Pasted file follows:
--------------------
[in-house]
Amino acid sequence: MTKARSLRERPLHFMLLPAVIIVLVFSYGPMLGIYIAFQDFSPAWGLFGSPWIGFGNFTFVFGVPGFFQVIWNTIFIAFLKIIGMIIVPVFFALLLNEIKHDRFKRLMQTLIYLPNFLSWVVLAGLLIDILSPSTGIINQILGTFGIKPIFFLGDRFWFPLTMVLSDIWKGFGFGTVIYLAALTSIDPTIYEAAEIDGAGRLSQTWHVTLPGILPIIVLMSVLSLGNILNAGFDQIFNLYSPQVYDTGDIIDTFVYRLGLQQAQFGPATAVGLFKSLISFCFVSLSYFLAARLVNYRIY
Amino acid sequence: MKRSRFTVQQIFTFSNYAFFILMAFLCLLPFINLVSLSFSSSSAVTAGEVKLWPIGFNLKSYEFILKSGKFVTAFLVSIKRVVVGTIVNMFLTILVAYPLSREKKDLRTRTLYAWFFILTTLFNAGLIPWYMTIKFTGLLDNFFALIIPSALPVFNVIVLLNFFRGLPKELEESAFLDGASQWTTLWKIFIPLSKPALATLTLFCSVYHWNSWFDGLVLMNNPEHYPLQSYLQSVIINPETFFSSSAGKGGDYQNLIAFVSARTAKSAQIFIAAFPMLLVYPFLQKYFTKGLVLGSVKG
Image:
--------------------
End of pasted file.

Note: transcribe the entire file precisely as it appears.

[in-house]
Amino acid sequence: MTKARSLRERPLHFMLLPAVIIVLVFSYGPMLGIYIAFQDFSPAWGLFGSPWIGFGNFTFVFGVPGFFQVIWNTIFIAFLKIIGMIIVPVFFALLLNEIKHDRFKRLMQTLIYLPNFLSWVVLAGLLIDILSPSTGIINQILGTFGIKPIFFLGDRFWFPLTMVLSDIWKGFGFGTVIYLAALTSIDPTIYEAAEIDGAGRLSQTWHVTLPGILPIIVLMSVLSLGNILNAGFDQIFNLYSPQVYDTGDIIDTFVYRLGLQQAQFGPATAVGLFKSLISFCFVSLSYFLAARLVNYRIY
Amino acid sequence: MKRSRFTVQQIFTFSNYAFFILMAFLCLLPFINLVSLSFSSSSAVTAGEVKLWPIGFNLKSYEFILKSGKFVTAFLVSIKRVVVGTIVNMFLTILVAYPLSREKKDLRTRTLYAWFFILTTLFNAGLIPWYMTIKFTGLLDNFFALIIPSALPVFNVIVLLNFFRGLPKELEESAFLDGASQWTTLWKIFIPLSKPALATLTLFCSVYHWNSWFDGLVLMNNPEHYPLQSYLQSVIINPETFFSSSAGKGGDYQNLIAFVSARTAKSAQIFIAAFPMLLVYPFLQKYFTKGLVLGSVKG
Image: